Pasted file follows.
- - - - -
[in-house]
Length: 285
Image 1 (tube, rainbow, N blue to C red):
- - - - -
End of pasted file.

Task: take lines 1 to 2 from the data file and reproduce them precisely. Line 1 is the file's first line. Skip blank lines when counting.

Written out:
[in-house]
Length: 285